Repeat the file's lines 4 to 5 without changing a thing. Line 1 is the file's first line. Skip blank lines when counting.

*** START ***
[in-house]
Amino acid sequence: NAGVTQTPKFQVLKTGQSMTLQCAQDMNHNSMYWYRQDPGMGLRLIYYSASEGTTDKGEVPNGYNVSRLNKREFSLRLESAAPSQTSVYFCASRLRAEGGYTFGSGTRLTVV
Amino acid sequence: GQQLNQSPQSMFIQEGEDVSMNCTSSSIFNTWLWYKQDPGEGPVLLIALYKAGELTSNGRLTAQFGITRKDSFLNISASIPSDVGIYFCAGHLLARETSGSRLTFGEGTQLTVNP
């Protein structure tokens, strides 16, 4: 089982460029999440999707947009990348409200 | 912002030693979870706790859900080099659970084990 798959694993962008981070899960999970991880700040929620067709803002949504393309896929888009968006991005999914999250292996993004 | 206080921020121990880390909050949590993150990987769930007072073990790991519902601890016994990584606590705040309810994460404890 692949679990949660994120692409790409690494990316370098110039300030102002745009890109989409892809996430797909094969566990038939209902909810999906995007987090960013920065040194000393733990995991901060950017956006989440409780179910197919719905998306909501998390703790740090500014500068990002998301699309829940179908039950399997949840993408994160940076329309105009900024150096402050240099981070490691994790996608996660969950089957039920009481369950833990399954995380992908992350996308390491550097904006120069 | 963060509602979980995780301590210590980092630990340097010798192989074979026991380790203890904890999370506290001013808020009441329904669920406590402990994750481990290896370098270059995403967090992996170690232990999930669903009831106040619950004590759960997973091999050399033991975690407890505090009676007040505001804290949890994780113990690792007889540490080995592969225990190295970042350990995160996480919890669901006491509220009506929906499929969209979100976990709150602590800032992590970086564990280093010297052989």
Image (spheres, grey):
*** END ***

């Protein structure tokens, strides 16, 4: 089982460029999440999707947009990348409200 | 912002030693979870706790859900080099659970084990 798959694993962008981070899960999970991880700040929620067709803002949504393309896929888009968006991005999914999250292996993004 | 206080921020121990880390909050949590993150990987769930007072073990790991519902601890016994990584606590705040309810994460404890 692949679990949660994120692409790409690494990316370098110039300030102002745009890109989409892809996430797909094969566990038939209902909810999906995007987090960013920065040194000393733990995991901060950017956006989440409780179910197919719905998306909501998390703790740090500014500068990002998301699309829940179908039950399997949840993408994160940076329309105009900024150096402050240099981070490691994790996608996660969950089957039920009481369950833990399954995380992908992350996308390491550097904006120069 | 963060509602979980995780301590210590980092630990340097010798192989074979026991380790203890904890999370506290001013808020009441329904669920406590402990994750481990290896370098270059995403967090992996170690232990999930669903009831106040619950004590759960997973091999050399033991975690407890505090009676007040505001804290949890994780113990690792007889540490080995592969225990190295970042350990995160996480919890669901006491509220009506929906499929969209979100976990709150602590800032992590970086564990280093010297052989």
Image (spheres, grey):